Alan Titchmarsh calls on consumers to seek out alternatives to busy Lizzies

Retailers could potentially benefit from a boost in sales of bedding plants after celebrity gardener Alan Titchmarsh called on consumers to ditch mildew-hit busy Lizzies for alternatives.

Titchmarsh urged consumers not to be "snooty" about less-popular bedding such as begonias and marigolds - and said shoppers would have to change their habits this spring.

B&Q, Homebase and Thompson & Morgan have all already stopped selling impatiens because of the threat of impatiens downy mildew.

Titchmarsh said: "It is time to look again at bedding begonias and to cast aside ancient prejudices of brown leaves and shocking-pink flowers.

"There is no need to be snooty about replacing busy Lizzies with French and African marigolds. They are damn good plants. At Waddesdon (the National Trust manor in Oxfordshire) they have sensational displays of African marigolds.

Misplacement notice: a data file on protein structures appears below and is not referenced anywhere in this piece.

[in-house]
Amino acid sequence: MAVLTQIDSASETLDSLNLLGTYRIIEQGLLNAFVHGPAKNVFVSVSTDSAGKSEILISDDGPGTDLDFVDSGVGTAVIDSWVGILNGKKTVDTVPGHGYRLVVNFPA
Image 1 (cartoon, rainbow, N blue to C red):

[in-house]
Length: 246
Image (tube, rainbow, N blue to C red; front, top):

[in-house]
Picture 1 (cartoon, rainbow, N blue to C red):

"Last year, I planted busy Lizzies in my garden and they were a damp squib within a fortnight - the mildew went through them like wildfire. We're all going to have to do without them this year. Besides, who wants to grow the same plant every year?"

Titchmarsh hinted that he may use his ITV1 series Love Your Garden to promote busy Lizzie-alternatives when the show returns later this year. The six episodes are being expanded from half-an-hour to an hour each.

Titchmarsh also suggested that makeovers would make a comeback due to the economic climate. "When Ground Force and Changing Rooms first aired, people were not moving house and were looking to improve what they'd got. That's where we are now."

On his B&Q role, he added: "I am not just there for a fast buck," claiming that his work with the company had led to supply chain improvements so that stock kept pace with demand. Better-quality plant stock had led to an increase in turnover last year, he added.

Titchmarsh is due to publish My Secret Garden this autumn. Photographer Jonathan Buckley has spent the past five years charting the development of Titchmarsh's private family garden in Hampshire.

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